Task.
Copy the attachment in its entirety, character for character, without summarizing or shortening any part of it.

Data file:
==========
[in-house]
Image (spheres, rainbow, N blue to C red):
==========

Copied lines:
[in-house]
Image (spheres, rainbow, N blue to C red):